Finally, and keeping with Tonbridge, Maureen has been investigating more PCC wills, as well as those she had collected from the Kent History & Library Centre (KHLC) before it shut again. This has taken her into the early 18th century as she examines the factors that brought prosperity to several families from their small trader beginnings in late Tudor and early Stuart times. In addition, she has been working on her presentation to the group for a fortnight’s time and is now about to embark on an assessment of an early 15th-century Tonbridge rental and 2 larderers’ accounts. This brought the meeting to a close and we are looking forward next time to Maureen’s presentation, Dean’s even more outrageous Christmas jumper, the appearance of Jane’s cat, and noises off by Grace’s dog and perhaps Jacie’s dog too.
This brings me to the FCAT (Friends of Canterbury Archaeological Trust) lecture yesterday evening by Dr Peter Clark. As a pre-Roman specialist, this massive site is especially fascinating from his perspective and he provided an extremely clear assessment of this prehistoric landscape before moving on to the Trust’s findings for the Roman and later periods. Thus like Pete, for this short report I too will concentrate on the early landscape. As he said, the technical report amounts to over 500,000 words, and vast numbers of figures, plans, and photographs, and this is all freely available online.
Starting at 5000BC when Thanet was far, far greater, Pete explained that the earliest phase from the archaeological perspective is represented by Mesolithic flints, used by these hunter-gathers who seemingly came inland from the coast to clear enough of the wildwood to form sites for small camps from which they could hunt animals in the woodland. A 1000 or so years later immigrant farmers from continental Europe were apparently living alongside the native population, pits associated with these newcomers seen to contain grain, domesticated animal bone and pottery, a phenomenon seen elsewhere in south-east England. Equally the material culture of the hunter-gathers is no longer found in the archaeology, indicative, perhaps, of the mixing of cultures.
From an agricultural perspective, arable farming does not appear to have remained sustainable, instead seeing a shift towards pastoral agriculture in the form of goats, sheep and cattle, maybe a reflection in part of the type of domesticated grain brought from the Mediterranean. Indeed, as Pete pointed out, arable farming does not seem to have made a comeback on Thanet until the late Bronze Age. Moreover, by this time the wildwood had been completely cleared.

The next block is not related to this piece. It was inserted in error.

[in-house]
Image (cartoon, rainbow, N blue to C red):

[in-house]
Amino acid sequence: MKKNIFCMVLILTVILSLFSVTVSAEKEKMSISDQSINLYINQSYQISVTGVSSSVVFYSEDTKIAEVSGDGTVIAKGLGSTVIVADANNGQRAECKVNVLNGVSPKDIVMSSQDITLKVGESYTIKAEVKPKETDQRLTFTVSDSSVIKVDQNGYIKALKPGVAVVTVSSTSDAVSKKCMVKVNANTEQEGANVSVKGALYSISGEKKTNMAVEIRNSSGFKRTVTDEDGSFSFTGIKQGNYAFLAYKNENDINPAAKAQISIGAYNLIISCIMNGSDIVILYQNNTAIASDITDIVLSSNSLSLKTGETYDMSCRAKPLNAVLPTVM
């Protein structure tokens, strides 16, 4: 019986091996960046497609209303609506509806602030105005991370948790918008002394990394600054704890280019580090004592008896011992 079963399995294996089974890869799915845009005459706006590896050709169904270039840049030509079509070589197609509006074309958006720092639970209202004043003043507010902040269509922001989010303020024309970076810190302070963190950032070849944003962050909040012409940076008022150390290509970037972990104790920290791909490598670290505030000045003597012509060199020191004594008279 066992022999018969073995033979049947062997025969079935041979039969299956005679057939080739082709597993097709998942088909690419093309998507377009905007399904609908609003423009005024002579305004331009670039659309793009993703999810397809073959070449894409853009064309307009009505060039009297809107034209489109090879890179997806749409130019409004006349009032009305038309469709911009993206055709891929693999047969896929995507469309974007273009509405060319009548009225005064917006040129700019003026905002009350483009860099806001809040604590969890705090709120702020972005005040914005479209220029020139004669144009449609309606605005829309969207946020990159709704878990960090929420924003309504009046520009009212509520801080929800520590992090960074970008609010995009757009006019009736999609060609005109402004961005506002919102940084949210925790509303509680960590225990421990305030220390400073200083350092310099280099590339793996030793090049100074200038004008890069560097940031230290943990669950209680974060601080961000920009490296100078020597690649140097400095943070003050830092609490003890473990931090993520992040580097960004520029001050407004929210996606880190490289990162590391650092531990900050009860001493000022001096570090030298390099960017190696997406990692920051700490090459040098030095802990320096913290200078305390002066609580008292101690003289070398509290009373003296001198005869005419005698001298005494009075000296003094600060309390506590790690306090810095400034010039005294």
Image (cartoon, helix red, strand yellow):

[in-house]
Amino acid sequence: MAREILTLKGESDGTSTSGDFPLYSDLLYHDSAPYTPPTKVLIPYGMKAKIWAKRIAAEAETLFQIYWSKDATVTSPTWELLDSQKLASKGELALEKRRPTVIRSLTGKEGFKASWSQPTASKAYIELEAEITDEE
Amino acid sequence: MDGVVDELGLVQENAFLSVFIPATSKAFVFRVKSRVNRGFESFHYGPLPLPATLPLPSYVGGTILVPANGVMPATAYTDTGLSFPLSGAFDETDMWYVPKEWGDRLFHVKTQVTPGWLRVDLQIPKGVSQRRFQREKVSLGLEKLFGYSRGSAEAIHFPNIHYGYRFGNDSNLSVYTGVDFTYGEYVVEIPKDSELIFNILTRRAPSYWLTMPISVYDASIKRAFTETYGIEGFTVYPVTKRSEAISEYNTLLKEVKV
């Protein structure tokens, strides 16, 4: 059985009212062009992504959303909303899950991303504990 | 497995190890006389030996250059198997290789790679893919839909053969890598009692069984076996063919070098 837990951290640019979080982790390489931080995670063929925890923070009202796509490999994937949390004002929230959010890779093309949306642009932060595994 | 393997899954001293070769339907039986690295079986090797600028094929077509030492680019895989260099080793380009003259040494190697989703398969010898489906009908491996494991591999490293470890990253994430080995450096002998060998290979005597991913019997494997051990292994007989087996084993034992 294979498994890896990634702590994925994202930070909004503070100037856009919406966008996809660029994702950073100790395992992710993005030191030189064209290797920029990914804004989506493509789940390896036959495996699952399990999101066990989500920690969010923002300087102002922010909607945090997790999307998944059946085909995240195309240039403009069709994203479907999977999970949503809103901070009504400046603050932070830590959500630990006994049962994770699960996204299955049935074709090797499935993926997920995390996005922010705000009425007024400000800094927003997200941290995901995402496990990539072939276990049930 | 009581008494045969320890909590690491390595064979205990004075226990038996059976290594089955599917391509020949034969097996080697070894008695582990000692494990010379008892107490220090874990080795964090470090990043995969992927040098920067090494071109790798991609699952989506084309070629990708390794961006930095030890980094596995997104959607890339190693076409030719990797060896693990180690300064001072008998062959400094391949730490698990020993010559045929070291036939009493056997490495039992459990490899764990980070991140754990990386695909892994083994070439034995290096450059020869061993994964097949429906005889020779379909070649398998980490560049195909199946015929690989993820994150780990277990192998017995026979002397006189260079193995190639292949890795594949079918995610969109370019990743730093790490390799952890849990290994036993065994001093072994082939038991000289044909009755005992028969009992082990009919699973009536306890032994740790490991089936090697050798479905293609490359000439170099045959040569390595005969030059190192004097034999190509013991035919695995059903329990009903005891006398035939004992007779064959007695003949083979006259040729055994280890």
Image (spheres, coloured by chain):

During the intervening period, the late Neolithic and early Bronze Age, the sheer number of burial mounds on Thanet points to it becoming the ‘Island of Death’. This monumental funerary landscape, with its barrows and ritual enclosures, is in part characterised as the time of the ‘Beaker People’, even though, as Pete highlighted, there are certain problems with this designation albeit beakers are a common feature in such burials. Furthermore, as well as what might be seen as the typical barrows, the archaeologists also found isolated burials and a pond barrow.
Nonetheless, during the middle Bronze Age the landscape again changed, seeing the land divided for agriculture with the establishing of field systems and drove roads. This change had considerable longevity for such farms continued through the late Bronze and early Iron Ages, but there was also seemingly a shift towards nucleated settlements. Features also seen in the late Bronze Age were large clusters of pits – for the storage of grain, but almost no houses, and only the presence of a limited number of burials.
The Romano-British landscape was apparently similar, that is the presence of Roman fields and numerus burials. Nevertheless, finds from the period were exceedingly scarce, which Pete believes points to farming but not settlement, at least on the Thanet Earth site. And moving into the Anglo-Saxon period, Pete characterised it as an empty landscape, a place of farming but not residence, a scenario that changed with the coming of the Normans. However, it is worth noting that the Church had and continued to hold vast estates on Thanet from the Anglo-Saxon period right up to the Dissolution, the manorial system probably in place in some form at an early stage. Furthermore, from the documentary evidence the particularities of peasant landholding practices within this system with the presence of gavelkind and the division into sulungs would suggest the likelihood of scattered farmsteads rather than the nucleated settlements of the great open field systems of the Midlands, a pattern that fits in broad terms the findings at Thanet Earth. Not that this is indicative of disinterest by the religious houses as landlords, but that money rents instead of very heavy customary duties were the norm, as well as the opportunity for greater levels of individualism for the peasant farmers. And as part of this cultural (and legal) distinctiveness, the presence of sunken features – large ovens in these peasant buildings may be significant. Although looking at Kentish marshlands, much of this is applicable for this area too: ‘Farming the Kentish marshlands: continuity and change in the late Middle Ages’, in J.P. Bowen and A. Brown, eds, Custom and Commercialisation in English Rural Society, c.1350–c.1750: Revisiting Postan and Tawney (Hatfield, 2016), pp. 73–95.
Interestingly, these holdings were starting to be abandoned by 1250, that is long before the Black Death, but farming was not and would continue through to the present day.
This brought Pete to his final point, the value of the seamark on Thanet, a high point in the landscape to aid navigation that had seemingly started as a barrow, and would become the site of a windmill more than once as the seamark was moved north in the 18th century. The removal of the mill to Sarre brought a wooden seamark as its replacement, it replaced in turn before a more substantial brick structure. However, this too has now gone, demolished in 1922, but its site found by the archaeologists, a fitting point to finish his fascinating talk before Pete took several questions and Dr John Williams, as chairman of FCAT, thanked him once more for such an erudite lecture.